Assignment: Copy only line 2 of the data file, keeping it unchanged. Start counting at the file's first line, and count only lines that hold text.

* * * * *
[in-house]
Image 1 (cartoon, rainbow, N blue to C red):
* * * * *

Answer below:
Image 1 (cartoon, rainbow, N blue to C red):